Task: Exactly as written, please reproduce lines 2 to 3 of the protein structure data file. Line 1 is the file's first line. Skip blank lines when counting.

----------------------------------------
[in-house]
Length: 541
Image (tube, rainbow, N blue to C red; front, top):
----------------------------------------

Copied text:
Length: 541
Image (tube, rainbow, N blue to C red; front, top):